There are a number of folks who call themselves artists but few who are actual masters of a medium that they worked many years to achieve. In my twenty years of beading, I've learned from many artists but only a couple of masters, Joyce Scott and David Chatt who were major influences from the early days.

When I first started beading I was inspired by the beaded necklaces with peyote stitched crystals as pendants. I was living in the central willamette valley at the time and eugene was the largest town around so I went looking for an instruction book and some beads to make collars for crystal pendants. I found Horace Goodhue's, Indian Bead-Weaving Patterns that had tubuler peyote which taught me how to bead around a cystal and flat peyote with both an even and odd number of beads. I beaded around a few crystals and then decided I'd like to bead around tiny perfume bottles so I did a few dozen of them until I could bead around odd shaped objects pretty well. Around that time, I discovered the japanese tube beads (delicas) and absolutely loved the flat sinuous fabric I could make using them in flat peyote. I got another book by Michael White Own called Flat Peyote Stitch and tried for the first (and close to the last) to follow someone else's pattern. I then got some graph paper and began designing my own patterns. Eventually, I was able to show and sell my work through a local gallery and I felt I was really on my way!

After I had been doing this for a while, someone mentioned Joyce Scott and Ornament magazine did an article on her and I was amazed at what she was doing with 3D peyote that was self supporting (nothing inside to hold it) and the social commentary of her bead work. Here was someone who was using beads as a fine art medium and I was intrigued. I eventually was able to meet her and attend an opening of her exhibit at a gallery in Salem but I never took a class from her....still, I consider her a main inspiration because I began to see the endless possibilities of beads.

A few years later (around 1995) I decided I needed a new challenge and decided to try the right angle weave, made popular, and taught by, David Chatt. David had found an old Russian piece made using 2-needle RAW and had developed it into the single needle RAW and was doing wonderful 3D objects with it. Since David was in Seattle, I was able to contact him and organized a 4-day series of classes to be taught at our visual arts center. It was a great experience and taught me dimensional RAW before there were any how-to books about it except the small pamphlet that david included with his classes.

I began making jewelry using the technique of RAW using vintage charlottes (tiny size 13 Czech beads) and nailheads, which hadn't been made since before WWII. I found more galleries to carry my work and began selling larger pieces and felt I was doing well. But I still kept my "day job", LOL!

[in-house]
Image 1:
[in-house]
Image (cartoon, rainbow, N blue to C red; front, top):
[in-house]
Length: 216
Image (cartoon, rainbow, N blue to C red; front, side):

So that's the beginning of the story of how I was drawn, step by step, into the fabulous world of beading.


Beadwright said...

Nice story Bobbi.

Purple Girl said...

thank you for sharing - there will be more?

Carol said...

thanks Bobbi!!
Interesting history of a bit of beading and about yourself. I'm really glad that you shared it with us. Boy, the beading books have come a long way, haven't they!

beadbabe49 said...

thanks, nicole!

yes...later on a bit more of the journey, kate.

thanks carol...and yes...books, magazines, bead shops, online beading and blogs....who woulda thunk it!

Roberta said...

I only recently learned of Joyce Scott. In the latest issue of Ornament it said she was having an exhibition here at Mobilia Gallery. I do hope to get over there to the other side of the river to see it before it is gone!
I had no idea of all the wonderful things being done in beads! It is truly another medium!

Jan said...

Thanks for this little glimpse into your background, I'm looking forward to reading more of the story when you care to share.

The wealth of wonderful books and magazines in every art medium these days is truly astounding. What are your favorite books and/or magazines these days?

beadbabe49 said...

I sure hope you make it, roberta! I know joyce's work is one of theresa sullivan's biggest inspirations!
thanks, jan! My initial favorites (and I still look at each issue even though I rarely buy them) are bead & button and beadwork. I also like to look at ornament, american craft, metalsmith, quilting arts, cloth paper scissors and the occasional surface design.
For books, I love all of robin atkins (of course!), carol wilcox wells, valerie hector, and diane fitzgerald who wrote shaped beadwork, my latest book purchase.
One really interesting aspect of practicing beadwork for over 20 years is you get to see many of the same things re-done over and over again, with the differences that new eyes (artists new to a medium or just young) make in an originally ancient idea.

Penny said...

I loved reading about your beaded journey. Thank heavens for these books in which the 'masters' teach us. For many of us, traveling to a class is not a possibility. I prefer to learn by reading because I can do it in my own time and at my own pace.

beadbabe49 said...

yeah, penny...that's mostly been my experience too. Luckily the number of books now is huge compared to 20 years ago!